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Wednesday, Feb 28, 2024

CUSTOM CONTENT: Poised to Thrive

Businesses today are operating in an unprecedented economic environment. Technology has simplified much of what we do, while increasing expectations and the speeds at which we function. Buoyed by the longest economic growth period in U.S. history, businesses also face an array of challenges, including finding and retaining skilled workers, managing for regulatory change and coping with uncertainty around trade and tariffs. Revenues may be rising, but so are the costs of labor, supplies and information security.

With so much to consider, how can businesses position themselves to thrive for the long term?

Typically in a boom market, companies are willing to spend money on capital improvements. Yet many business owners feel cautious about the possibility of a slowdown. As a longtime San Diego banker, I appreciate their perspective, and encourage a proactive approach to maintain a vibrant, agile business. That’s the best way to prepare for life’s one constant—change.

Know your numbers

Simply put, companies have to be smarter, tougher and more nimble to compete. Of course, a few basics apply in any economic environment. You’ll want a plan to upsize or retool quickly so you can respond to new opportunities or adjust in a downturn. That means keeping tabs on the numbers. Here’s why:

• Maintaining current financials, like your profit and loss statement (P&L) and balance sheet,

helps you measure profitability and improve performance.

• Assessing cash flow can help you save money and leverage your cash flow.

• Understanding your company’s debt prepares you to manage it, pay it down and use financial leverage to expand or adjust your operations.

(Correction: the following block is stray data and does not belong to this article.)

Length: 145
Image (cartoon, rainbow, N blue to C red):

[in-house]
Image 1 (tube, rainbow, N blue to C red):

Depending on the nature of your business, you may not have specialists inside your company to help you with each of those points. But you don’t have to go it alone.

Partner with the pros

Surround yourself with knowledgeable experts—accountants, attorneys and others—who understand where you’re going and want to help you get there. An experienced banker, for example, can provide an independent cash flow analysis and offer tips and tools for improvement. Moreover, the ideal financial partner will help you understand how your numbers compare to those of other companies in similar industries.

Now more than ever, it’s important to have a banker who can anticipate your needs and offer much more than financing. In addition to helping you navigate unfamiliar aspects of doing business in a unique and changing environment, your financial experts should challenge conventional wisdom and offer strategies you haven’t thought of. It’s all part of working hard every day to help you succeed.

Expect your banker to:

• Listen, learn and understand your business and industry

• Offer innovative strategies and solutions to support your success

• Collaborate with bank colleagues in treasury management, trade finance and commercial real estate to offer robust solutions tailored to your needs

• Connect you with other experts at the bank and in the community

• Assist with major transitions such as succession planning

• Support your understanding of key topics such as cyber security

• Respond quickly when you have questions or ideas to discuss

• Be technologically savvy, yet personally connected

Steve Spino, Senior Vice President and Commercial Banking Division Director at Banner Bank

As a Senior Vice President and Commercial Banking Division Director at Banner Bank, Steve Espino partners with area businesses to support their financial goals. Reach Steve at steve.espino@bannerbank.com or 858-625-8860. Bannerbank.com


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